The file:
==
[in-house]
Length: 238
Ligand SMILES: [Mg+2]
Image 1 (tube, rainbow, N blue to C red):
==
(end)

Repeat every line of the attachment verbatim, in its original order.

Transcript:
[in-house]
Length: 238
Ligand SMILES: [Mg+2]
Image 1 (tube, rainbow, N blue to C red):